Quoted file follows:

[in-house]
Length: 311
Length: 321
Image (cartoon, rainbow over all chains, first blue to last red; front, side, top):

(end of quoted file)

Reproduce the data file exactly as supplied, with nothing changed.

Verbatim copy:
[in-house]
Length: 311
Length: 321
Image (cartoon, rainbow over all chains, first blue to last red; front, side, top):